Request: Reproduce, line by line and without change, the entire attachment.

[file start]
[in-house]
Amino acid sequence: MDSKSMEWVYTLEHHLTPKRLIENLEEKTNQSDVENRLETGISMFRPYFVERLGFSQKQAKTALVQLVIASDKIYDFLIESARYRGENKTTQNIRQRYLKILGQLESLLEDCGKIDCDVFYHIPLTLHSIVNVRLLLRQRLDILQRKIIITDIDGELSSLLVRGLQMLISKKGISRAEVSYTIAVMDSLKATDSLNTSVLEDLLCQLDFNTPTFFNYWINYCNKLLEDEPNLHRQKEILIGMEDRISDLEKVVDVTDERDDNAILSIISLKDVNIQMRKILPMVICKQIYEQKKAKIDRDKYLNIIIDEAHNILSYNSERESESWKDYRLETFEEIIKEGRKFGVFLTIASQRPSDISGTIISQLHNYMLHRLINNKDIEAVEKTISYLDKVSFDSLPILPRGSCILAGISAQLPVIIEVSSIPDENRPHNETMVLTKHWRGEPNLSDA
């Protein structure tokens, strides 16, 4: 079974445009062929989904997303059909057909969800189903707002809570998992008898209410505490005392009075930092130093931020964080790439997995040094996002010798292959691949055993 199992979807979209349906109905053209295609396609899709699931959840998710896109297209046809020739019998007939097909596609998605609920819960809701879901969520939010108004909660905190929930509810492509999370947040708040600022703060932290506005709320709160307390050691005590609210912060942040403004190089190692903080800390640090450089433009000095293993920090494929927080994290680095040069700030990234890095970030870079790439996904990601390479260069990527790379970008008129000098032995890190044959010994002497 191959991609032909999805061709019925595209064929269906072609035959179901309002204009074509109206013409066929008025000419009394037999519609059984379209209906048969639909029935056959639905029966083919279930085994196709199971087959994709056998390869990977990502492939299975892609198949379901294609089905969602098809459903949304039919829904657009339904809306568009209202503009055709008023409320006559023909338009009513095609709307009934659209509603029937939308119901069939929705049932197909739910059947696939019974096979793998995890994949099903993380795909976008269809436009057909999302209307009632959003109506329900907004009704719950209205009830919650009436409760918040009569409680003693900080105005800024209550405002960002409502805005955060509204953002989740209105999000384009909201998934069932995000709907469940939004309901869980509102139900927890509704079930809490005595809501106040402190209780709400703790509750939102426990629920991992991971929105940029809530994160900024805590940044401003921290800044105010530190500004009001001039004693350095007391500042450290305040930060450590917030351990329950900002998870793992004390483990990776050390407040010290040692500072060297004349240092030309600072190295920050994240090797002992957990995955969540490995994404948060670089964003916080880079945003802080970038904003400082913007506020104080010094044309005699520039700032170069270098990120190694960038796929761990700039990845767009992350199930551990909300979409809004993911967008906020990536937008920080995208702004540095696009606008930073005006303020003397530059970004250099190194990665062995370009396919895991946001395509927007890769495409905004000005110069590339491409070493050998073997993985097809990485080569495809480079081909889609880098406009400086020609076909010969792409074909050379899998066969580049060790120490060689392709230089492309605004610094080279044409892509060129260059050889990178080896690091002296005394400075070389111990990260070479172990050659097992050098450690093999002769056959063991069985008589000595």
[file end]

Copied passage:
[in-house]
Amino acid sequence: MDSKSMEWVYTLEHHLTPKRLIENLEEKTNQSDVENRLETGISMFRPYFVERLGFSQKQAKTALVQLVIASDKIYDFLIESARYRGENKTTQNIRQRYLKILGQLESLLEDCGKIDCDVFYHIPLTLHSIVNVRLLLRQRLDILQRKIIITDIDGELSSLLVRGLQMLISKKGISRAEVSYTIAVMDSLKATDSLNTSVLEDLLCQLDFNTPTFFNYWINYCNKLLEDEPNLHRQKEILIGMEDRISDLEKVVDVTDERDDNAILSIISLKDVNIQMRKILPMVICKQIYEQKKAKIDRDKYLNIIIDEAHNILSYNSERESESWKDYRLETFEEIIKEGRKFGVFLTIASQRPSDISGTIISQLHNYMLHRLINNKDIEAVEKTISYLDKVSFDSLPILPRGSCILAGISAQLPVIIEVSSIPDENRPHNETMVLTKHWRGEPNLSDA
């Protein structure tokens, strides 16, 4: 079974445009062929989904997303059909057909969800189903707002809570998992008898209410505490005392009075930092130093931020964080790439997995040094996002010798292959691949055993 199992979807979209349906109905053209295609396609899709699931959840998710896109297209046809020739019998007939097909596609998605609920819960809701879901969520939010108004909660905190929930509810492509999370947040708040600022703060932290506005709320709160307390050691005590609210912060942040403004190089190692903080800390640090450089433009000095293993920090494929927080994290680095040069700030990234890095970030870079790439996904990601390479260069990527790379970008008129000098032995890190044959010994002497 191959991609032909999805061709019925595209064929269906072609035959179901309002204009074509109206013409066929008025000419009394037999519609059984379209209906048969639909029935056959639905029966083919279930085994196709199971087959994709056998390869990977990502492939299975892609198949379901294609089905969602098809459903949304039919829904657009339904809306568009209202503009055709008023409320006559023909338009009513095609709307009934659209509603029937939308119901069939929705049932197909739910059947696939019974096979793998995890994949099903993380795909976008269809436009057909999302209307009632959003109506329900907004009704719950209205009830919650009436409760918040009569409680003693900080105005800024209550405002960002409502805005955060509204953002989740209105999000384009909201998934069932995000709907469940939004309901869980509102139900927890509704079930809490005595809501106040402190209780709400703790509750939102426990629920991992991971929105940029809530994160900024805590940044401003921290800044105010530190500004009001001039004693350095007391500042450290305040930060450590917030351990329950900002998870793992004390483990990776050390407040010290040692500072060297004349240092030309600072190295920050994240090797002992957990995955969540490995994404948060670089964003916080880079945003802080970038904003400082913007506020104080010094044309005699520039700032170069270098990120190694960038796929761990700039990845767009992350199930551990909300979409809004993911967008906020990536937008920080995208702004540095696009606008930073005006303020003397530059970004250099190194990665062995370009396919895991946001395509927007890769495409905004000005110069590339491409070493050998073997993985097809990485080569495809480079081909889609880098406009400086020609076909010969792409074909050379899998066969580049060790120490060689392709230089492309605004610094080279044409892509060129260059050889990178080896690091002296005394400075070389111990990260070479172990050659097992050098450690093999002769056959063991069985008589000595």